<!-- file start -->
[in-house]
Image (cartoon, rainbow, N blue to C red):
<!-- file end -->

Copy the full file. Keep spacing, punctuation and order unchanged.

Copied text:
[in-house]
Image (cartoon, rainbow, N blue to C red):